Our phosphoproteomics data recapitulated NRG1-induced activation of ectopically expressed ERBB3 and ERBB4 as evident from induced tyrosine phosphorylation sites (Table 1). While there was no obvious difference in ERBB4 Tyr-1284 phosphorylation in NRG1-treated ERBB3/ERBB4 or ERBB4 Ba/F3 cells, a large ratio difference of >10 for ERBB3 Tyr(P)-1328 reflected presence or absence of the RTK. NRG1 triggered SHC tyrosine phosphorylation on Tyr-267 (corresponding to Tyr-423 in the UniProtKB entry P98083), a receptor-proximal event known to mediate Grb2-Sos recruitment and subsequent Ras/MAPK activation . Moreover, Vav1 was phosphorylated at its very C-terminal tyrosine residue (Tyr-844) to a similar extent in NRG-1-treated ERBB3/ERBB4 and ERBB4 Ba/F3 cells . This site has been implicated in the cell growth and carcinogenesis-promoting functions of Vav1, suggesting a molecular mechanisms through which ERBB4 might contribute to oncogenic transformation.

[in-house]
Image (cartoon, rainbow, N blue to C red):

Downstream of receptor-proximal tyrosine phosphorylation events Ras/MAPK pathway activation was also evident from our phosphoproteomics data. In addition to activation loop phosphorylation of MEK1/2 and ERK1 reflecting ERK MAPK pathway activity, we recorded proline-directed phosphorylation on the RAF1 residues Ser-29 and Ser-642, which are close to the amino- and carboxyterminal ends of the kinase. These sites have been implicated in an ERK MAPK-mediated feedback mechanism which negatively regulates RAF1 enzymatic activity and Ras association . NRG1 also significantly elevated phosphorylation of Thr-790 near the carboxy terminus of BRAF. This ERK-mediated modification also suppresses RAF kinase signalling, e.g. by interfering with RAF1/BRAF heterodimerization . In addition to ERK-mediated desensitization mechanisms NRG1 treatment of ERBB3/ERBB4-expressing cells triggered Ser-62 phosphorylation of c-Myc, a Ras/ERK-mediated signaling event contributing to oncogenic transformation through stabilization of c-Myc protein . Moreover, ERK-mediated phosphorylation of p90RSK at Ser-369 reflects enzymatic activation  and provides a link to described ribosomal protein S6 kinase (RSK) substrate sites regulated upon NRG1 treatment. These involve Ser-707 on NHE1 and Ser-260 on CCT2, which provide functional links to increased Na+/H+ exchange  and protein folding of cytoskeletal and cell cycle regulators , respectively. NRG1 significantly increased tuberin (TSC2) phosphorylation at the RSK substrate site Ser-1777 (corresponding to Ser-1798 in the human ortholog) and at the Akt substrate site Ser-939. Notably, both modifications contribute to the inactivation of tuberin’s tumor suppressor function and inhibitory effect on mTOR activity and signalling . In addition to TSC2 Ser-939, NRG1 induced Akt signaling evident from a range of reported Akt substrate sites with previously described functions. Akt-mediated vimentin phosphorylation of Ser-39 has been reported to enhance the ability of the intermediate filament protein to induce motility and invasion . Further reported Akt substrate phosphorylations include Ser-1650 of the motor protein MYO5A, which enhances actin binding and was shown to facilitate GLUT4 vesicle translocation in insulin signalling . NRG1 stimulation also triggered Bcl2 antagonist of cell death (BAD) phosphorylation of the Akt site on Ser-136, an inhibitory modification that prevents BAD from triggering the mitochondrial apoptosis pathway . Further NRG1-induced phosphorylations previously ascribed to Akt activation comprised FOXO3A phosphorylation on Ser-252, which induces 14-3-3-mediated retention in the cytoplasm and thereby prevents nuclear induction of pro-apoptotic genes . Moreover, Thr-247 phosphorylation was shown to regulate the functional activity of 40 kDa proline-rich Akt substrate (PRAS40), which plays a role in PI3K-Akt survival signaling . Thus, our quantitative phosphoproteomics data point to various anti-apoptotic signaling mechanisms triggered upon ERBB3/ERBB4 activation in the absence of any contributions by other EGFR family members. We also detected Akt-mediated inhibitory modifications on kinases, as evident from glycogen synthase kinase-3 beta (GSK3B) and mitogen-activated protein kinase kinase 4 (MKK4) phosphorylations on Ser-9 and Ser-78, respectively [55, 56]. Finally, we observed phosphorylation of ATP citrate lyase (ACLY) on its Akt site Ser-455, regulating a protein that has been described as an important component of cell growth and transformation . In conclusion, our data reveal a variety of phosphorylation-dependent mechanisms in ERBB3/ERBB4-mediated signaling known to contribute to cell survival and proliferation.